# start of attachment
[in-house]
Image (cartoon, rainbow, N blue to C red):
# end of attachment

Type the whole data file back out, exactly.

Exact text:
[in-house]
Image (cartoon, rainbow, N blue to C red):